if metals and alloys of high resistivity produce heat why cant insulator produce heat?
Asked by Vivek Menon | 26th Jun, 2013, 04:46: PM
Insulators can't conduct electricity because of very high resistance. Heat produced = I^2 R, and since no current flows through insulator, no heat is produced in an insulator.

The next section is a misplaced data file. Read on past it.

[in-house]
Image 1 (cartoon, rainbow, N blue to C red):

In the case of metals, since they can conduct electricity (despite being of high resistance in some cases), they can produce heat.
Answered by | 26th Jun, 2013, 06:33: PM
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